One of the things that I love about BNW is that both technological and primative societies are critiqued and found wanting. It's probably a reflection of the times when artistic movements where picking up on the hard lines of technology but you also had people like DH Lawrence wanting to go back to a savage lifestyle.

If you want to see how godawful the reality of life as characters like Jarvik and the Hommicks aspire too would be, the reservation scenes in BNW are as good an illustration as any (though they are themselves possibly a reaction against Lawrence's ideas in The Plumed Serpent). Simillarly, the hedonistic city fore-shadows (geddit? ) the lack of feeling of the addicts in Space City.
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Janov Seldon



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PostPosted: Sat Aug 28, 2010 10:55 pm    Post subject: Reply with quote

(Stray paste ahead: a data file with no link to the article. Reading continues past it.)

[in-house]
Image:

Managed to locate a second hand copy of BNW plus Huxley's follow up BNW Revisited. Plus a few other SF novels - Ray Bradbury's The Silver Locusts and The Counterfeit Man by Alan Nourse (it was adapted as an episode of 'Out of the Unknown'), plus the complete collection of John Buchan's Hannay novels. Been wanting that for a while.
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AnnaGrant



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PostPosted: Sat Aug 28, 2010 11:10 pm    Post subject: Reply with quote

Just got a copy of BNW from the library and am reading it at the moment...well, not at exactly this moment!

Will post my thoughts on it when finished.

From my initial 13 year old's reading of it I can only remember one word, which is pneumatic!
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Futsie